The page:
The Health Foundation is an independent charity working to continuously improve the quality of heatlhcare in the UK

Closing the Gap through Changing Relationships

Enabling self-management and shared haemodialysis care in hospital based dialysis

In brief

Every year, 20,000 people in the UK with kidney disease receive dialysis, which usually takes 3-4 hours at a time, 3 times a week.

Although a small proportion of people in the UK manage their own dialysis at home, for most people it requires many hours every week in hospital. Dialysis is therefore a life-saving but demanding routine.

There is evidence that it often leaves people feeling helpless and dependent on hospital staff, as well as having a huge impact on the lives of patients and their families. 

The aim of this project was to embed shared haemodialysis care across the six main renal units and 20 satellite haemodialysis units in Yorkshire and the Humber. Shared haemodialysis care is when patients at dialysis units are supported to undertake tasks involved in their own treatment to the extent that they wish to and are able to do.

The project team developed a three-day ‘train the trainer’ course to equip dialysis nurses with the skills to educate and support patients to take on greater responsibility for their own care.

Dialysis patients had the opportunity to learn a range of shared haemodialysis care skills, from weighing themselves and taking their own blood pressure, to operating the dialysis machine and administering injections. Each patient recorded their progress in a competency handbook.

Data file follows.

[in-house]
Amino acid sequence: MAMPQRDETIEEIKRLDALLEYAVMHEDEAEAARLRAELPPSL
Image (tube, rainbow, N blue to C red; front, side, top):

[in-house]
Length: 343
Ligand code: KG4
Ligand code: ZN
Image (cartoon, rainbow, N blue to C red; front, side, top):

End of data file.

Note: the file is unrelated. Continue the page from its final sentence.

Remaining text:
The project found that shared haemodialysis care can have a significant impact on the lives of people undergoing dialysis, giving them greater control of their condition and making them feel more confident and able to ask questions about their treatment. It also encourages nurses to see patients as part of the team, supports closer engagement between patients and nurses, and helps to raise job satisfaction levels among nursing staff.

Why is this project needed?

Kidney dialysis is an essential but demanding procedure for thousands of people across the country. Because of the nature of the treatment it can disrupt every aspect of a person’s life, and have a major impact on their emotional and economic well being.

There is often little opportunity for indivduals to play an active role in their care, leading to an experience of treatment as inflexible, demotivating and disempowering. Evidence shows that many people enjoy taking an active role in their treatment, and that doing so can lead to better outcomes and improved quality of life.

Self-dialysis has been available to people with kidney disease for many years, in the shape of home haemodialysis, but this is not widespread in the UK, and is unavailable to many whose accommodation is not suitable, who live alone or who lack the confidence to tackle it.

The option of self-dialysis on a medical unit provides a ‘half-way house’ between traditional hospital dialysis and home haemodialysis – offering patients the opportunity to manage their treatment for themselves, with the support of clinical staff where they need it. Some may later choose to move on to home dialysis.

our unit is in the process of setting up a self care project. So far there are 6 off us self cannulating and feeding information e.g. weight blood pressure tempreture etc. We are only waiting on (proceedures) being set up.
I wonder what advice do you give to your patients on how to dispose the dialysis tubings and bags?
Thankyou for your question regarding dialysis tubing and bags. As these patients are being dialysed in centre these materials go into the clinical waste in the usual way.
In Shropshire in the community the council picks up all blood contaminated consumables and dispose of it as clinical waste - so it gets incinerated.
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